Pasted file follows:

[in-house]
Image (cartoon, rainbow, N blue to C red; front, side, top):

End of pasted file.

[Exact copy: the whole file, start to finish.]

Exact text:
[in-house]
Image (cartoon, rainbow, N blue to C red; front, side, top):